Conformational states of the severe acute respiratory syndrome coronavirus spike protein ectodomain
JOURNAL OF VIROLOGY
Authors: Li, Fang; Berardi, Marcelo; Li, Wenhui; Farzan, Michael; Dormitzer, Philip R.; Harrison, Stephen C.
The severe acute respiratory syndrome coronavirus enters cells through the activities of a spike protein (S) which has receptor-binding (S1) and membrane fusion (S2) regions. We have characterized four sequential states. of a purified recombinant S ectodomain (S-e) comprising S1 and the ectodomain of S2. They are S-e monomers, uncleaved S-e trimers, cleaved S-e trimers, and dissociated S1 monomers and S2 trimer rosettes. Lowered pH induces an irreversible transition from flexible, L-shaped S-a monomers to clove-shaped trimers. Protease cleavage of the trimer occurs at the S1-S2 boundary; an ensuing S1 dissociation leads to a major rearrangement of the trimeric S2 and to formation of rosettes likely to represent clusters of elongated, postfusion trimers of S2 associated through their fusion peptides. The states and transitions of S suggest conformational changes that mediate viral entry into cells.
Phylogenomics and bioinformatics of SARS-CoV
TRENDS IN MICROBIOLOGY
Authors: Lio, P; Goldman, N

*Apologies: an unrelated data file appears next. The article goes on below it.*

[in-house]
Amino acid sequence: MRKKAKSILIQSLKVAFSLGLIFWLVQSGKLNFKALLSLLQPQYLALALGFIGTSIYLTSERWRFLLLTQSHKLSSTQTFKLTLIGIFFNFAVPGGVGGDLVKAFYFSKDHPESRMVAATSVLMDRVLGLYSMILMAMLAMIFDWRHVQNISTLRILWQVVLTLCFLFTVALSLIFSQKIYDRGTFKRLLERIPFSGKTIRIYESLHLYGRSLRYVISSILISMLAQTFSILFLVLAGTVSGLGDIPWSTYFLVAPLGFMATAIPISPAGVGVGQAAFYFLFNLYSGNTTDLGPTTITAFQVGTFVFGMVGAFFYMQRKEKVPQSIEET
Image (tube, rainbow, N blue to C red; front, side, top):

Tracing the history of molecular changes in corona-viruses using phylogenetic methods can provide powerful insights into the patterns of modification to sequences that underlie alteration to selective pressure and molecular function in the SARS-CoV (severe acute respiratory syndrome coronavirus) genome. The topology and branch lengths of the phylogenetic relationships among the family Coronaviridae, including SARS-CoV, have been estimated using the replicase polyprotein. The spike protein fragments S1 (involved in receptor-binding) and S2 (involved in membrane fusion) have been found to have different mutation rates. Fragment S1 can be further divided into two regions (S1A, which comprises approximately the first 400 nucleotides, and S1B, comprising the next 280) that also show different rates of mutation. The phylogeny presented on the basis of S1B shows that SARS-CoV is closely related to MHV (murine hepatitis virus), which is known to bind the murine receptor CEACAM1. The predicted structure, accessibility and mutation rate of the S1B region is also presented. Because anti-SARS drugs based on S2 heptads have short half-lives and are difficult to manufacture, our findings suggest that the S1B region might be of interest for anti-SARS drug discovery.